At DV Expo yesterday,
Apple took the wraps off of Final Cut Pro 3, the company’s high-end video editing solution. The new version brings Final Cut Pro to Mac OS X, adding many new features, while maintaining much of what made the application a success.
Many users of Final Cut Pro like the interface of the program, which allows them to focus on the material they are working without being distracted by the application interface. Apple said the interface is the same as it was before, although they will take advantage of Aqua features in future releases.
“Maintaining the integrity of the program is certainly something that was foremost in our minds as we made the leap to OS X,” Tom McDonald, Product Line Manager for Video Applications at Apple, told MacCentral.
New features added to Final Cut Pro 3 include G4 real-time effects, OfflineRT and a new set of a new set of professional color correction tools. In addition, Apple added a Voice-Over tool; an Auto-Save Vault; Integrated compositing, including Adobe After Effects plug-in support; QuickView, a new preview mode; Advanced media management and export tools; New 3D titling and effects; and PeakDV audio editing tool.
While many of the new features implemented in Final Cut Pro came from the engineering team at Apple, some came from feedback from users of the application. The Final Cut Pro team spends a lot of time working with its customers on a regular basis to improve the application, according to Apple.
“Color correction is something our users were asking for,” said McDonald. “They were tired of having to go to more expensive systems, leaving the toolset behind they felt most comfortable with, in order to get top-notch quality color correction. Offline capabilities are another request where people were looking for a better offline workflow solution and we were able to give that to them. We didn’t have a lot of requests for the Voice-Over tool, but the users were very excited about it when we showed it to them.”
Using OfflineRT, Final Cut Pro provides 40 minutes of video per gigabyte of hard drive space. Editors can capture and transcode DV footage to OfflineRT on the fly, with a FireWire connection. This means that editors can work with large amounts of high-quality, timecode-accurate video that can be reconnected to the original source material, without having to resort to special external storage solutions. OfflineRT is the first native offline format available for DV, and it can also be used by editors working with standard definition or high definition formats.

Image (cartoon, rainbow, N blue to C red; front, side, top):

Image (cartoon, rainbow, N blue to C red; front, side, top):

“OfflineRT is based on our new photo JPEG codec — Apple rewrote the photo JPEG codec optimizing it for the G4 and there have been quality improvements to it,” said McDonald. “We use a special combination of settings and architecture improvements around this codec in order to provide on-the-fly transcode from FireWire down to OfflineRT.”
Having Final Cut Pro on Mac OS X will help the adoption rate for the operating system. In fact, Apple believes this is one of the best applications to bring professionals to the new OS. “We have never had the powerful combination of Unix stability and our QuickTime media rich architecture,” said McDonald. “Final Cut Pro on Mac OS X is the first application to take advantage of both of these things. As far as professionals adopting Mac OS X, this is the poster-child application for it.”
McDonald said that much like the new features implemented in Final Cut Pro, users also asked for training from Apple. Apple announced yesterday a new training program in that includes a training center, instructor, technician and courseware certification. A network of approximately 25 certified training center locations will serve users, offering a range of courses from beginning to advanced levels.
While Final Cut Pro and DVD Studio Pro will work together right now McDonald said that this would get even better once DVD Studio Pro comes to OS X.
“When DVD Studio Pro does get here — and we’re close because we showed it [at DV Expo] — we are going to have even more integration than what’s available today.”